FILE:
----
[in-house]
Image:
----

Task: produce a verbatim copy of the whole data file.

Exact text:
[in-house]
Image: